“Finlandia” is a tune most people probably recognize from hearing it as a hymn or as background music. It is melodic, slow, pleasing to the ear, and not difficult. The words most commonly used are “Be Still my Soul” or “This is my Song” one of the lowest-key “patriotic” hymns in the hymnals I’m familiar with. Most people assume it is one of the folk-tune hymns, arranged by Jan Sibelius. It has a rather more turbulent history. It was composed for a covert anti-Russian protest pageant.
Finland had the unhappy fortune to be between ambitious neighbors since the Middle Ages. It was one of the last areas officially converted to Christianity, so it was fought over by competing forces – Teutonic Knights, Russia, Sweden, the Livonian Order. Russia and Sweden emerged as the main rivals. Sweden was a major naval and military power, and Rus had expanded north and west from its core around Kiev and Novgorod. After tussling back and forth, the Swedes won, and in 1323 Novgorod recognized most of what is now Finland as being in the Swedish sphere of control. Control was rather loose, but it was there. German traders also settled in the region.
Fast-forward to the late 1700s. Sweden had begun to decline, in part because of the terrible financial and population costs of the Thirty Years War and later conflicts. It had lost the Great Northern War to Russia. Finns remained under Swedish control, and Swedish law. They were not enserfed or tied by feudal rules, but were always free peasants. Not always well treated and often highly taxed, but they were allowed to speak their own language and do their own things within the limits set by the distant Crown of Sweden. The area was a group of counties or provinces inhabited by Finns, rather than a state per se. The Russians challenged Sweden more than once, with Finns caught in the middle and flattened, especially by the Russians.
In 1808-09 Russia kicked Sweden out. Yes, Russia was almost fighting Napoleon and the Swedes at the same time. Russia established stricter controls over the Grand Duchy that was established in the region. Even so, Emperor Alexander I had other priorities and he allowed a great deal of local autonomy. It wasn’t until the 1860s that Russia began cracking down on self-rule. Nationalism in its Romantic form was sweeping Europe during this period and Finland was no exception. Interest in folklore grew, and the Kalevala was compiled and published for the first time. Finns were forming a self-defined nation within the larger Russian state.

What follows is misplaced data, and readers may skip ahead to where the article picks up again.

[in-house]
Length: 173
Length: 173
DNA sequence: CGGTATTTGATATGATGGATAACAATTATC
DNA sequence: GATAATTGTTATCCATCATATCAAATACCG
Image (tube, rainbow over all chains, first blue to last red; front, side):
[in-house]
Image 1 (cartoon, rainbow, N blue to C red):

Things rolled along until the 1890s, when Russia began one of its swings hard toward centralization. This included language. A glance at Poland would have warned the Finns what was coming, as the Russians tried to erase Polish language and traditions. In 1899 Russia ordered all official business to be conducted in Russian. This stirred up waves of anger, but the Finns couldn’t strike out against Russia directly. They remembered too well what had happened in the 1720s, when Russia burned and trampled everything in their path during the war with Sweden. Instead they held a musical pageant.
Jan Sibelius was already a well-known composer by this time, and he organized the music festival. It was based on tableaux, which were popular at the time. A group of people in costume got on stage and enacted a famous scene from history or mythology, and froze. They held the pose as music played or a narrator declaimed appropriate poetry. Then the scene changed and another group of people did a different scene of theme. Sibelius composed a piece that started with a roar, showing the horrors of the 1720s ‘Great Hate” and the dreadful fate of Finns. Then the music shifts, grows quieter, and the melody known today as “Finlandia” emerges. It was a symphonic tone poem, and so Sibelius titled it later.
Finland gained independence after WWI, but not for long. The Winter War against the Soviets would be one of the greatest, and least-known battles of WWII, and one that the Soviets should have won handily. They didn’t. The second round was almost as rough on the Soviets, even though they finally won and Finland was forced to cede territory. Finland was neutral, but… The Finns and their neighbors have long memories.
What Sibelius could not have imagined, was that 80 or so years later, the Estonians in turn would sneak popular resistance to Soviet rule into a musical festival, keeping their own traditions alive under Soviet noses until 1989, with the “Singing Revolution.”